Quit tinkering with the Obamacare rollout

12/23/2013 5:45 PM

12/23/2013 5:45 PM

Cut it out, people. Just stop it.

That means you, President Barack Obama. And you, Health and Human Services Secretary Kathleen Sebelius. And all you people in the Centers for Medicare and Medicaid Services signing off on these changes to the rollout of the Affordable Care Act.

Flexibility is one thing, but giving the impression of malleability is something else again. And that’s what the administration does every time it tinkers with the plan.

Obama conveyed the wrong message when he tried to hose down the political firestorm that erupted when many Americans discovered that they couldn’t necessarily keep the health plan they liked, as the president had repeatedly promised. Obama asked insurers to extend defective health plans that no longer meet the requirements of the new health care law for one year for existing customers who might have to pay extra for a better policy.

That was in mid-November and since then it’s seemed that the administration is making some sort of accommodation or another almost weekly.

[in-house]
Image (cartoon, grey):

Last week it was Sebelius’ announcement that people could purchase substandard “catastrophic” plans for one year if their existing policies have been canceled and they can reasonably contend they don’t have affordable options in the new marketplace.

These moves are making the insurance companies crazy, in part because of the hassle they create and also because they potentially keep young, healthy consumers out of the insurance exchanges, where they are needed to balance out the older, less healthy policyholders who already are there.

Just today, The Washington Post reported that the administration had secretly extended by 24 hours the deadline for applying on HealthCare.gov for a policy to begin on Jan. 1. That’s actually a good idea. But why so hush-hush? Secrecy just plays into the opposition’s contention that the administration is arbitrary and desperate in its rollout of Obamacare.

What’s

not

a good idea is announcing an exception or exemption to the health care law every time a senator or some such person complains. There are going to be unhappy constituents, winners and losers with a change this big.

The flimsy catastrophic policies that Obama wants to preserve for a while longer need to go. They pay for very little, so when a person actually needs medical help, much of it ends of becoming uncompensated care, which raises insurance and health care costs for the rest of us.

Obama and Sebelius need to take the long view, here. You can’t make everybody happy in the short term and accomplish the long-term goals of the Affordable Care Act.

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